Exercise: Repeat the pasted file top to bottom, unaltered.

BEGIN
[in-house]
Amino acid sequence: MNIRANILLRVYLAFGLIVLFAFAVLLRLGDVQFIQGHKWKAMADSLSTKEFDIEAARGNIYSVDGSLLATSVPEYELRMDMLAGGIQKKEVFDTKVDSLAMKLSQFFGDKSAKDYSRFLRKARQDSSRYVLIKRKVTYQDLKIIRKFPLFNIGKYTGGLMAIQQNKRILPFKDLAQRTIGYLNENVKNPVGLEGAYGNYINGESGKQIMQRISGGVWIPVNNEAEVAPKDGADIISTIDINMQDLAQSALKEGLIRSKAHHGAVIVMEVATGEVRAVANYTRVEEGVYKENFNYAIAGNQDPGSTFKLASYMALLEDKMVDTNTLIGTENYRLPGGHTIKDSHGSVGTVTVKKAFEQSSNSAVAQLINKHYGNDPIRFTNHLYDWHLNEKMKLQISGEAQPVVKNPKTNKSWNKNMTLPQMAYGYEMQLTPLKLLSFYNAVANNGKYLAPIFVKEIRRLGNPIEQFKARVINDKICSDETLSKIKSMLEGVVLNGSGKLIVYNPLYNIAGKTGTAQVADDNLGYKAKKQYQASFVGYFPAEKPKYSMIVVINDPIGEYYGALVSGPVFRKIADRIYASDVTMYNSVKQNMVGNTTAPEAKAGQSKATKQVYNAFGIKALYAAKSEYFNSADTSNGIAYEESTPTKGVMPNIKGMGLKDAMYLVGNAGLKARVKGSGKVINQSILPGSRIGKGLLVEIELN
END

[in-house]
Amino acid sequence: MNIRANILLRVYLAFGLIVLFAFAVLLRLGDVQFIQGHKWKAMADSLSTKEFDIEAARGNIYSVDGSLLATSVPEYELRMDMLAGGIQKKEVFDTKVDSLAMKLSQFFGDKSAKDYSRFLRKARQDSSRYVLIKRKVTYQDLKIIRKFPLFNIGKYTGGLMAIQQNKRILPFKDLAQRTIGYLNENVKNPVGLEGAYGNYINGESGKQIMQRISGGVWIPVNNEAEVAPKDGADIISTIDINMQDLAQSALKEGLIRSKAHHGAVIVMEVATGEVRAVANYTRVEEGVYKENFNYAIAGNQDPGSTFKLASYMALLEDKMVDTNTLIGTENYRLPGGHTIKDSHGSVGTVTVKKAFEQSSNSAVAQLINKHYGNDPIRFTNHLYDWHLNEKMKLQISGEAQPVVKNPKTNKSWNKNMTLPQMAYGYEMQLTPLKLLSFYNAVANNGKYLAPIFVKEIRRLGNPIEQFKARVINDKICSDETLSKIKSMLEGVVLNGSGKLIVYNPLYNIAGKTGTAQVADDNLGYKAKKQYQASFVGYFPAEKPKYSMIVVINDPIGEYYGALVSGPVFRKIADRIYASDVTMYNSVKQNMVGNTTAPEAKAGQSKATKQVYNAFGIKALYAAKSEYFNSADTSNGIAYEESTPTKGVMPNIKGMGLKDAMYLVGNAGLKARVKGSGKVINQSILPGSRIGKGLLVEIELN